The Guanaco (Llama guanicoe) is a wild camel native to South America. Though closely related to the llama, the guanaco has never been widely domesticated.
Guanacos can be found in mountainous regious of Peru, Ecuador, Bolivia, Argentina, Colombia, and Chile. They are well suited to life at high elevations, and can often be found at up to 13,000 feet. To survive at these altitudes, guanacos have four times the number of red blood cells per unit as humans. Guanacos are some of the largest mammals’ native to South America and usually stand up to four feet tall at the shoulders and weigh 200lbs.
The typical guanaco family unit consists of one dominant male, several adult females and their young. Young or bachelor males may live in their own herds comprised of up to 50 animals. These herds spend their days grazing on grasses, leaves and buds that grow at high elevations.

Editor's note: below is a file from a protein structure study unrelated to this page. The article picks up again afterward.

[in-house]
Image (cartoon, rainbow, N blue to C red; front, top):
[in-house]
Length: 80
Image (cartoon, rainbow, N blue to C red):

Due to its size, the guanaco has only one natural predator; the mountain lion. However, guanacos are not typically easy prey. They are capable of running at speeds of 35 mph, are excellent swimmers, and males will stay behind a fleeing herd to defend their mates and young. Guanacos typically live for 20-25 years in the wild.
The current wild guanaco population is estimated to be between 400,000 and 600,000.
The guanaco’s wool is highly prized for its warmth and softness.